Influencer House and Dangerous Fads
Over the years, I’ve read plenty of books on how to organize one's life, how to be more productive, how to achieve what Mihaly Csikszentmihalyi called “flow”. The main takeaway from all that reading is that you should front-load your pain. Everyone has things they don’t like doing — either because they’re not very good at it or that it’s tiresome — but by doing those actions first, as soon as you possibly can, you free yourself up to engage in more fulfilling pursuits.
With that in mind, and this being a Monday, I’m going to talk about something that makes my eyes roll into the back of my head — influencers.
Last week, investors were given a chance to buy into a pure-play influencer stock through what’s called an “influencer house” or “influencer mansion”.
Here’s the pitch: You take a bunch of young influencers, stick them in a mansion in Beverly Hills, make them video themselves 24/7, and somehow profits happen.
There’s actually plenty of businesses doing this right now. The influencers get free rent in a swanky LA pad and a cut of the commissions in exchange for promoting brands. Moreover, they get to cross-sell their own brand to the fanbases of their influential housemates. Most of these businesses are talent agencies looking for novel ways to cash in on the rising public fascination with YouTube stars and Instagram models.
Last week, through a bizarre reverse merger, one of these companies became publicly traded. The company in question is called West of Hudson and it was acquired by a public-traded company called Tongji Healthcare Group. Tongji is originally formed in Las Vegas, but was then incorporated by a Chinese hospital in 2006. It had, at the end of 2019 anyway, no assets.
Try to stick with me here.
Before THAT happened, Tongji was itself acquired by a group of investors who controlled West of Hudson — most notably, a real estate operator from New Jersey called Amir Ben-Yohanan. The combined company has since applied to be renamed Clubhouse Media Group. Their main business is a collection of the aforementioned influencer mansions.
From the New York Times:
Clubhouse, the primary influencer house in West of Hudson’s network, was co-founded in March by Mr. Ben-Yohanan, Christian J. Young and Daisy Keech, a social media influencer. Its first location, in Beverly Hills, has expanded into a network of influencer mansions including Clubhouse Next, Clubhouse for the Boys, Clubhouse Malta, and Not a Content House.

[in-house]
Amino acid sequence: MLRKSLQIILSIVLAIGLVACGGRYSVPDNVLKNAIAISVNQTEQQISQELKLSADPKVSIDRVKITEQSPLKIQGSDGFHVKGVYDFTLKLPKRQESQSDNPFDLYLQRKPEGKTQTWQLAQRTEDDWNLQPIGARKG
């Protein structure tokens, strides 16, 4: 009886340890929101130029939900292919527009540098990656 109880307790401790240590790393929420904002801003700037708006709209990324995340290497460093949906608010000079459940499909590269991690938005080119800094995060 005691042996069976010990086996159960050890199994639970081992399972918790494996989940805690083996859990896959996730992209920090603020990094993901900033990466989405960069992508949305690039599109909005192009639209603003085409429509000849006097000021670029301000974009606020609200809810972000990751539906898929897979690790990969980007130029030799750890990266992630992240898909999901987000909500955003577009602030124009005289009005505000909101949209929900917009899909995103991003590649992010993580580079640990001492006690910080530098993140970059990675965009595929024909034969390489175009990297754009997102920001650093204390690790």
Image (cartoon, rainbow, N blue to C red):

The primary Clubhouse location in Beverly Hills has seen a revolving door of talent since it opened. Ms. Keech moved out in March, and others soon followed. Several houses have been shut down. Clubhouse Next closed in September, and Clubhouse for the Boys was discontinued last month. Former residents have complained about problems with management and life in the houses. (Over the summer, members of the Clubhouse and Clubhouse for the Boys were also criticized for hosting parties in defiance of coronavirus guidelines.)
In the first six months of the year, West of Hudson had revenue of nearly $96,000 but a loss of $983,000. Mr. Ben-Yohanan, the company’s chief executive who controls 62 percent of the stock, according to a recent securities filing, provided it with a loan of just over $1 million. The company can draw nearly $4 million more from him, according to the filing, which also said Tongji may need to raise money in the markets to finance operations and grow.
Does any of this add up?
I looked up The Clubhouse on Instagram. It has over 400,000 followers. A related brand, Not A Content House, has over half a million. Yet all this is owned by a real estate developer in New Jersey and is losing close to a million a year on revenue of $96,000. And what does this Chinese hospital have to do with matters?
I’ll pass over to investor Katherine Wu, who did a short Twitter thread on the matter. I won’t quote all her work but the terms “bizarre”, “cautionary tale”, and “corporate hijacking” is involved.
What’s particularly worrying is that given the influence that the company has over young people, many of whom are investing through apps like Robinhood, this is the perfect breeding ground for pump and dumpers looking to take advantage of younger investors.
I know many of our members are currently teaching their children the importance of investing — some even letting them buy and sell shares on their accounts. I’m all for that. However, be aware of what’s going on out there. There are red flags all over this one.
Note: The New York Times article posted above was written in part by Taylor Lorenz who does brilliant reporting on many aspects of internet culture. Be sure to follow her on Twitter if you are investing in the space.